The Limfjord - an area free of bonamiosis and marteiliosis
The Limfjord is a coastal area of approximately 1.500 km2, separating northern Jutland from the rest of the peninsular and connecting the North Sea and Kattegat. The Limfjord has narrow openings at both ends allowing water from the North Sea to flow to Kattegat through the fjord and vice versa. The water in the Limfjord is a mixture of seawater from Kattegat and the North Sea and freshwater from the river systems that flow into the Limfjord.
The Limfjord is the only Danish habitat for natural stock of European flat oyster (Oestrea edulis).
The official EU status of the Limfjord as an approved zone with regard to bonamiosis and marteiliosis was obtained in 2005 (Commissions Decision 2005/104/EC). In accordance with Council Directive 2006/88/EC, Denmark has declared the continuation of its disease-free status for bonamiosis and marteiliosis - see the
Declaration of bonamiosis and marteiliosis free status.
The surveillance programme for Bonamiosis and Marteiliosis in the Limfjord
From 1996 to 2000 an unofficial disease surveillance programme on wild oyster populations for bonamiosis and marteiliosis was conducted in the western Limfjord. The investigations were initiated in order to examine if there was a basis for a future commercial production. Only oysters of the wild population was sampled and examined during the years 1996-2000 because no aquaculture activities were present in the fjord until 2000. The investigations of the wild oyster stocks revealed neither Bonamia ostreae nor Marteilia refringens.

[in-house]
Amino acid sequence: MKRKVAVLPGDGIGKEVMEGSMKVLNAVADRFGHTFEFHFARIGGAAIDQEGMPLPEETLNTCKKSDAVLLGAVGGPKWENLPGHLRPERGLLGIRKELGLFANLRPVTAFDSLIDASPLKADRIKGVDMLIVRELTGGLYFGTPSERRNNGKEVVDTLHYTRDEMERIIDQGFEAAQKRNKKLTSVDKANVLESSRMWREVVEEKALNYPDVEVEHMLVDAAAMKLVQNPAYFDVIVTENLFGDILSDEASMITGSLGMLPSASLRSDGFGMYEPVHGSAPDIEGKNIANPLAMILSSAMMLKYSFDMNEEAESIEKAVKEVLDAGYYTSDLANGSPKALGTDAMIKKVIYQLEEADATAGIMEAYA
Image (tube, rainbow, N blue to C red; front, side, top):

Since the autumn of 2000, an official diesase surveillance programme for bonamiosis and marteiliosis has been in place in Denmark in respect of both cultivated and wild stocks of oysters. In the first two years the surveillance programme comprised biannual sampling of 150 oysters at each if three different sites. Since the autumn of 2002, the sampling has been reduced to the collection of 30 oysters samples from each of the three sites twices a year.
Bonamia ostreae and Marteilia refringens have never been detected in Denmark.
The southwestern Kattegat, the Belt Sea and the Isefjord - an area free of Marteilia refringens
In 2012, the Danish Veterinary and Food Administration initiated the surveillance programme for
M. refringens in southwestern Kattegat, the Belt Sea and the Isefjord. The surveillance programme aimed at declaring freedom from
M. refringens in the natural mussel
(Mytilus edulis) stocks in those sea areas and in the few aquaculture facilities situated in the areas. Initially, the programme has to run for two years to obtain the disease-free status. After the initial two years of intensive surveillance, the sampling will continue, although with a reduced sample size, to provide the documentation required to maintain the disease-free status.
The surveillance area has been separated into four subareas from which samples has been collected. During the first two years, 150 samples of mussels have been collected at three different localities in each of the four subareas. All samples are collected under the supervision of the Danish Veterinary and Food Administration. Histological examinations has been performed at the National Veterinary Institute at the Technical University of Denmark, which is the Danish national reference laboratory for mollusc diseases.
In accordance with Council Directive 2006/88/EC, Denmark has declared the Danish disease free status for Marteilia refringens in the southwestern Kattegat, the Belt Sea and the Isefjord area.